Tracking bipolar disorder

 WellPoint is expanding its disease management program to provide tools and resources for its members who suffer from bipolar disorder.

Successful management requires identifying the right members and tracking them as close to real time as possible, said Michael Brase, MD, chief medical officer for Health Management Corp., or HMC, a WellPoint subsidiary and program administrator.

Healthcare IT enables clinicians to look at daily pharma runs, as well as hospital utilization data. The ability to track patients will not only help them adhere to their treatment program, but also will alert physicians of warning signs.

The expansion follows the successful pilots in Colorado and California, where ROI was above two to one, said Brase. With some variations between the states, the programs realized increases in medication adherence and decreases in mental health hospitalization and emergency department, medical and psychiatric outpatient use.

The cost of healthcare services consumed by those suffering from bipolar disorder is generally a factor of three to four compared to the general population, Brase said. Implementing treatment programs can help decrease costs, he said.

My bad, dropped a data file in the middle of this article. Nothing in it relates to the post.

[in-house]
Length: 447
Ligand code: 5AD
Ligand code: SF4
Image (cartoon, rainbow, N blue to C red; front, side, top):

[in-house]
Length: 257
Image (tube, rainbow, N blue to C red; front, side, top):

Tracey Moorhead, president and CEO of DMAA: The Care Continuum Alliance, said the program exemplifies the evolution of chronic condition care over the past decade of embracing multiple conditions and population-based approaches that cover the entire continuum of care.

“Health IT has become essential not only in population health management, but in all aspects of healthcare,” she said. “Chronic disease care, in particular, has led the HIT charge because so much of what we do revolves around effective communication, education and data analysis, all of which benefit from advances in technology.”

“This is a promising and interesting concept,” Ken Duckworth, MD, medical director for the National Alliance on Mental Illness, said of WellPoint’s program.

Medication non-adherence is a fundamental problem in the mental health field, Duckworth said. “We need better strategies and approaches to address this,” he said.

In Duckworth’s view, working models should be published in medical literature so the industry can learn about what is and isn’t working. “If this (WellPoint’s program) is a better way to do it, it will be widely adopted,” he said.